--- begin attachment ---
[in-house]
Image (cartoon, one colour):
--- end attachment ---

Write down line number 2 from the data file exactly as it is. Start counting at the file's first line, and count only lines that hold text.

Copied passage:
Image (cartoon, one colour):